United States of America v. Hernandez et al

Filing 48

ORDER ADOPTING 45 Report and Recommendations; Granting in Part as to Defendant Hernandez and Denying in part as to Defendant Callahan 28 Motion for Summary Judgment; Denying 29 Motion to Dismiss treated herein as the Response to the Motion for Summary Judgment; Withdrawing the reference from Magistrate Judge Rateau. This matter shall be tried as to Defendant Callahan by the Honorable David C. Bury. Parties shall file a joint Pretrial Order by March 3, 2013. Clerk of the Court shall enter Judgment for the Government and against Defendant Hernandez. Signed by Senior Judge David C Bury on 2/20/13. (SMBE)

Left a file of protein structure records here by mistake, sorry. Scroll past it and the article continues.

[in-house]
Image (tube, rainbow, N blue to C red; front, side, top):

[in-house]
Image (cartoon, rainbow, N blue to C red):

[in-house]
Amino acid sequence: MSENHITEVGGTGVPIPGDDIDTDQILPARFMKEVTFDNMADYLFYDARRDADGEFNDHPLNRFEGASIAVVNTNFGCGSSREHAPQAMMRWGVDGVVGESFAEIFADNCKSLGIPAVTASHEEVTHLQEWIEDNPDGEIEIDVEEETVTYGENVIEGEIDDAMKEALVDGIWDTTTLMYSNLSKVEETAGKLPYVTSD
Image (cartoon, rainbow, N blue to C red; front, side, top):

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1 2 3 4 5 6 UNITED STATES DISTRICT COURT 7 DISTRICT OF ARIZONA 8 9 10 11 12 13 14 15 16 17 18 19 20 21 22 23 United States of America, ) ) Plaintiff, ) v. ) ) Hilda A. Hernandez & Elvia Callahan, ) ) Defendants. ) ) _______________________________________ ) CV 11-250-TUC-DCB ORDER On April 25, 2011, the Internal Revenue Service on behalf of the United States filed this action against the Defendants under the Arizona Fraudulent Transfer Act (AFTA), A.R.S. § 44-1001-1010. The Government seeks a money judgment against Defendants for the value they received as a result of an alleged fraudulent transfer from Alfonso’s Carnitas Inc. of real property at the location where it operated Alfonso’s Carnitas. The judgment amount represents $47,059.00 for employment taxes, interest, late fees and penalties that Alfonso’s Carnitas Inc., owes from 2003 through 2007. To succeed on its claim, the Government must establish its creditor status, a property transfer, and actual or constructive fraud on the part of the transferor. The Magistrate Judge found the Government prevailed as to Defendant Hernandez, and recommends the Court grant summary judgment for the Government as to her. The Magistrate Judge, however, 24 found that material questions of fact remain in dispute as to Defendant Callahan, which 25 prevent summary judgment being entered against her. 26 27 28 The Court accepts and adopts the Magistrate Judge’s R&R as the findings of fact and conclusions of law of this Court and grants the Motion for Summary Judgment in part and denies it in part. The Court denies the Defendants’ motions, which were appropriately 1 treated by the Magistrate Judge as Defendant’s opposition to the Government’s Motion for 2 Summary Judgment. 3 4 5 6 7 8 9 STANDARD OF REVIEW The duties of the district court in connection with a R&R by a Magistrate Judge are set forth in Rule 72 of the Federal Rules of Civil Procedure and 28 U.S.C. § 636(b)(1). The district court may “accept, reject, or modify, in whole or in part, the findings or recommendations made by the magistrate judge.” Fed.R.Civ.P. 72(b); 28 U.S.C. § 636(b)(1). Where the parties object to a Report and Recommendation, “‘[a] judge of the [district] court shall make a de novo determination of those portions of the [R&R] to which objection is made.’” Thomas v. Arn, 474 U.S. 140, 149-50 (1985) (quoting 28 U.S.C. § 636(b)(1)). 10 11 This Court's ruling is a de novo determination as to those portions of the R&R to which 12 there are objections. 28 U.S.C. § 636(b)(1)(C); Wang v. Masaitis, 416 F.3d 992, 1000 n. 13 13 14 15 16 17 18 19 (9th Cir.2005); United States v. Reyna-Tapia, 328 F.3d 1114, 1121-22 (9th Cir.2003) (en banc). To the extent that no objection has been made, arguments to the contrary have been waived. Fed. R. Civ. P. 72; see 28 U.S.C. § 636(b)(1) (objections are waived if they are not filed within fourteen days of service of the Report and Recommendation), see also McCall v. Andrus, 628 F.2d 1185, 1187 (9th Cir. 1980) (failure to object to Magistrate's report waives right to do so on appeal); Advisory Committee Notes to Fed. R. Civ. P. 72 (citing Campbell v. United States Dist. Court, 501 F.2d 196, 206 (9th Cir. 1974) (when no timely objection is filed, the court need only satisfy itself that there is no clear error on the face of 20 the record in order to accept the recommendation)). 21 22 23 24 25 26 The parties were sent copies of the R&R and instructed that, pursuant to 28 U.S.C. § 636(b)(1), they had 14 days to file written objections. See also, Fed. R. Civ. P. 72 (party objecting to the recommended disposition has fourteen (14) days to file specific, written objections). The Court has considered the objection filed by the Defendants, and the parties’ briefs considered by the Magistrate Judge in deciding the motions. 27 28 -2- OBJECTIONS 1 2 The Defendant Hernandez objects to the Magistrate Judge’s R&R. She alleges 3 wrongdoing on the part of IRS agents by fabricating new names to cover their mistakes. 4 The Court believes she is referring to the IRS records which reflect Alfonsa’s Carnitas Inc., 5 as the corporate entity that owes the employment taxes instead of Alfonso’s Carnitas, Inc., 6 and that when the property was sold to the Salvation Army, the IRS collected only $26,000 7 in back taxes instead of the $47,000 it now says is past due. She claims she was not an 8 insider because she was not the Secretary of Alfonso’s legal corporation; she was not 9 responsible to pay the employment taxes, and that for 2005, 2006, and 2007, that Alfonso’s 10 Carnitas Inc./Alfonso Carnitas Jalisco was under the protection of the bankruptcy court. 11 In is undisputed that Alfonso’s Carnitas was owned by Alfonso Perez, who stopped 12 operating the business and “sold” it to Alfonso’s Carnitas Inc., a corporate entity created by 13 Rogelio Hernandez, sometime around 2003 and, thereafter, Alfonso’s Carnitas Jalisco was 14 operated by Rogelio Hernandez. Corporation records reflect Rogelio as President of 15 Alfonso’s Carnitas Inc., his brother Michael as Secretary, and his mother Hilda, as 16 Treasurer. See (Doc. 28-5, Ex. 15: Corporation Commission Annual Report at 2.) 17 Sometime in 2003, Alfonso Perez filed for bankruptcy, which resulted in the 2007 sale to 18 Alfonso’s Carnitas Inc. of the real property, including the building, where Alfonso’s 19 Carnitas Jalisco was located on South 6th in Tucson, Arizona. The bankruptcy proceedings 20 related to Alfonso Perez are not relevant to the employment taxes owed by Alfonso’s 21 Carnitas Inc. 22 In her Objection, Defendant Hernandez does not dispute that employment sales tax is 23 owed by the corporation known to the IRS as Alfonsa’s Carnitas, and that Rogelio 24 Hernandez is her son. (Doc. 46: Objection at 3.) 25 26 27 The title documents reflect that on May 3, 2007, the property was sold by Alfonso Perez to Alfonso’s Carnitas Inc. for a total of $533,005.75, of which $400,000 was the sale price, with Mr. Perez carrying back $150,675, plus $133,005.75 in other settlement charges, which 28 -3- 1 included tax liens and delinquencies on the property. To secure the money for the 2 transaction, Hilda Hernandez and Defendant Elvia Callahan, a cousin/niece, obtained a loan 3 from Applewood Funding in the amount of $325,000. A Warranty Deed was executed on 4 April 30, 2007, conveying the property from Mr. Perez to Alfonso’s Carnitas Inc. 5 The day after the Perez-Alfonso’ Carnitas Inc. sale, Alfonso’s Carnitas Inc. transferred 6 title to Hilda Hernandez and Elvia Callahan, as joint tenants with right of survivorship for 7 consideration of ten dollars. The Joint Tenancy Deed was recorded on May 9, 2007. Six 8 months later, November 30, 2007, the Defendants sold the property to the Salvation Army 9 for $560,000. The escrow proceeds paid off the Applewood funding and $25,583 in back 10 taxes owed personally by Hilda Hernandez. The IRS failed to recover the employment taxes 11 due from Alfonso Carnitas Inc. 12 The IRS holds a tax lien, recorded on July 5, 2005. (Doc. 28-3: Statement of Facts at 13 21.) The. The IRS alleges that the transfer of the property from Alfonso’s Carnitas Inc. to 14 the Defendants avoided the tax lien and was a fraudulent transfer to insiders, which was 15 made with the intent to hinder, delay, or defraud the United States under the provisions of 16 the Federal Debt Collection Procedure Act, 28 U.S.C. §§ 3301, et seq., and under the AFTA, 17 A.R.S. § 44-1001 et seq. 18 The tax lien was recorded against Alfonsa’s Carnitas tax id # xx xxx8725. The name is 19 wrong, but the tax id number is undisputably the tax number for Alfonso’s Carnitas, Inc. 20 There is a tax id # for Alfonso’s Carnitas, xx-xxx9128, but there are no master files for this 21 entity and all tax returns for Alfonso’s Carnitas have been filed under #xx xxx8725. (Doc. 22 28-6: Turner Declaration ¶¶ 4-6.) This Court agrees with the Magistrate Judge that the name 23 confusion is a red herring. There was no question that Alfonso’ Carnitas Inc. owed 24 employment taxes because Rogelio Hernandez was in contact with the IRS and aware of the 25 Federal Tax Liens filed in respect to employment tax due under the xx xxx8725 EIN. The 26 Court finds there may have been some confusion, but there was no wrongdoing on the part 27 of IRS agents to fabricate new names to cover up mistakes. 28 -4- 1 The Court also finds that it was not wrong for the IRS to collect $26,000 in personal tax 2 owed by Hilda Hernandez upon the sale of the property to the Salvation Army. The tax lien 3 against Hilda was recorded on August 28, 2007. There is no evidence that Defendant 4 Hernandez informed the IRS that the tax lien for Alfonso’s Carnitas should be also be paid 5 from the Salvation Army sale proceeds. As Rogelio testified at his deposition, he 6 understood the sale to the Salvation Army would benefit Alfonso’s Carnitas Inc., by paying 7 off whatever taxes were owed, whoever was owed. As the Magistrate Judge noted, this did 8 not happen. The sale paid off the Applewood funding, Defendant Hernandez’s personal tax 9 debt, and reimbursed Defendant Callahan between $40 to $50,000 for the monthly loan 10 payments she had made on the Applewood funding. There was approximately $135,000 to 11 $145,000 remaining, which remained in Defendant Hernandez’ control. Most importantly, it 12 is undisputed that approximately $47,000 in employment tax remains due and owing from 13 Alfonso’s Carnitas Inc. 14 To succeed with its claim, the United States must establish its creditor status, a property 15 transfer, and actual or constructive fraud on the part of the transferor. The Court agrees with 16 the Magistrate Judge’s assessment. First it is undisputed that Alfonso’s Carnitas Inc. owes 17 unpaid employment taxes under EIN xx-xxx8725, the EIN number under which it was 18 operated and filed returns. The United States is, therefore a creditor. (R&R at 8-9.) 19 It is also undisputed that the Alfonso’s Carnitas Inc. transferred the property at issue 20 here to the Defendants by a Joint Tenancy Deed, recorded on May 9, 2007. Id. at 9. It is 21 undisputed that the Defendants are blood-relatives of Rogelio Hernandez, the President of 22 Alfonso’s Carnitas Inc. and owner of Alfonso’s Carnitas, and that Hilda is his mother and 23 Treasurer of Alfonso’s Carnitas Inc. No reasonable juror could find the Defendants are not 24 insiders. The ten dollars received by Alfonso’s Carnitas Inc for the transfer establishes that 25 there was no consideration received reasonably equivalent in value to the asset transferred. 26 It is undisputed that Alfonso’s Carnitas Inc. retained possession and control of the property 27 after the transfer; the transfer involved substantially all the assets of the debtor, Alfonso’s 28 Carnitas Inc., and Alfonso’s Carnitas Inc. became insolvent after the transfer. The Court -5- 1 agrees with the Magistrate Judge that an overwhelming number of the statutory factors for a 2 finding of actual fraud exist in this case. (R&R at 9-14.) 3 The Defendants must come forward with “strong, clear evidence” to repel the 4 conclusion of fraudulent intent because several badges of intent are present in this case. 5 Gerow v. Covill, 960P.2d 55, 63 (Ariz. App. 1998). The Court agrees with the Magistrate 6 Judge that as to Defendant Hilda Hernandez, due to her involvement as an officer of 7 Alfonso’s Inc, her assertions that the IRS or the Title Company made mistakes are 8 insufficient. The Court finds, as a matter of law pursuant to the AFTA, that the transfer 9 from Alfonso’s Carnitas Inc. to the Defendants to be sold to the Salvation Army, thereafter, 10 11 was intentionally fraudulent. The Magistrate Judge correctly found that at a minimum, the Government has 12 established constructive fraud because: the debtor, Alfonso’s Carnitas Inc., made the transfer 13 without receiving reasonable consideration and the debtor was insolvent at the time or 14 became insolvent as a result of the transfer. A.R.S. § 44-1005. Defendant Callahan cannot 15 escape this finding. 16 The Magistrate Judge correctly recommends that Summary Judgment be entered only as 17 to Defendant Hernandez because material issues of fact exist as to Defendant Callahan. She 18 was not an officer of Alfonso’s Carnitas Inc. and there remains a question of whether she 19 knew about the tax lien against it. It is undisputed that she made the payments on the 20 $325,000 Applewood loan. “‘A good-faith transferee is entitled, to the extent of the value 21 given the debtor for the transfer or obligation, to . . . [a] reduction in the amount of liability 22 on the judgment.’” (R&R at 16 (quoting A.R.S. § 44-1008(D)(3).” 23 CONCLUSION 24 25 26 After de novo review of the issues raised in Defendants’ Objection, this Court agrees with the findings of fact and conclusions of law made by the Magistrate Judge in her R&R for determining the pending Motion for Summary Judgment. The Court adopts it, and for 27 28 -6- 1 the reasons stated in the R&R, the Court grants it in part as to Defendant Hernandez and 2 denies it in part as to Defendant Callahan. 3 4 5 6 Accordingly, IT IS ORDERED that after a full and independent review of the record, in respect to the objections, the Magistrate Judge’s Report and Recommendation (Doc. 45) is accepted and adopted as the findings of fact and conclusions of law of this Court. 7 IT IS FURTHER ORDERED that the Government’s Motion for Summary Judgment 8 (document 28) is GRANTED IN PART AND DENIED IN PART. 9 10 11 12 IT IS FURTHER ORDERED that the Motion to Dismiss (Doc. 29) is DENIED and treated herein as the Response to the Motion for Summary Judgment. IT IS FURTHER ORDERED WITHDRAWING THE REFERENCE from Magistrate 13 Judge Rateau. This matter shall be tried as to Defendant Callahan by the Honorable David 14 C. Bury. 15 16 17 IT IS FURTHER ORDERED that the parties shall file a Joint Pretrial Order by March 3, 2013. (See attached form of Order.) IT IS FURTHER ORDERED that the Clerk of the Court shall enter Judgment for the 18 Government and against Defendant Hernandez. 19 DATED this 20th day of February, 2013. 20 21 22 23 24 25 26 27 28 -7- 1 2 3 4 FORM OF PRETRIAL ORDER 5 IN THE UNITED STATES DISTRICT COURT 6 FOR THE DISTRICT OF ARIZONA 7 8 9 Plaintiff, 10 11 v. 12 13 14 Defendant. ) ) ) ) ) ) ) ) ) ) CV TUC DCB JOINT PROPOSED PRETRIAL ORDER 15 16 17 18 19 (Although the text of the pretrial order appears in single space, the actual order submitted by the parties must be double spaced and conform in all other respects to the Local Rules.) The following are pretrial proceedings in this cause as agreed to by the parties and approved by the Court: 20 21 22 23 24 25 26 27 28 I. NATURE OF ACTION This is an action for: (Short concise statement of the case, including the nature of the action and the relief sought.) II. STATEMENT OF JURISDICTION Statement of jurisdiction: (state the claims and cite the statutes which give this Court jurisdiction over each claim.) III. CONTESTED ISSUES OF LAW/FACT State the ultimate issues of fact and law which must be decided at trial. State only the issues of fact and law necessary and material for a verdict in this case. Each issue must be stated separately and specifically. 1 2 3 4 5 6 7 8 9 IV. LIST OF EXHIBITS Each party shall list the exhibits it intends to offer at trial. V. LIST OF WITNESSES Each party shall list the witnesses it intends to call at trial. VI. JURY TRIAL or BENCH TRIAL The parties shall state whether the trial is a jury or bench trial. For a Jury Trial At the Pretrial Conference, the Court will direct the parties to file proposed voir dire, objections to exhibits, deposition testimony, stipulated jury instructions, stipulations, counsel’s additional proposed jury instructions, motions in limine, and trial memoranda 20 days prior to trial. Any opposition shall be filed five days thereafter. 10 11 12 13 14 15 16 17 18 19 20 21 22 23 24 25 26 27 28 For a Bench Trial At the Pretrial Conference, the Court will direct the parties to file trial briefs, objections to exhibits, motions in limine, stipulations, and proposed findings of fact and conclusions of law 20 days prior to trial. Any opposition shall be filed five days thereafter. VII. PROBABLE LENGTH OF TRIAL Each party shall identify the estimated length of time it will take to present its case. VIII. CERTIFICATION The undersigned counsel for each of the parties in this action do hereby approve and certify the form and content of this proposed Joint Pretrial Order. _____________________________ Attorney for Plaintiff ___________________________ Attorney for Defendant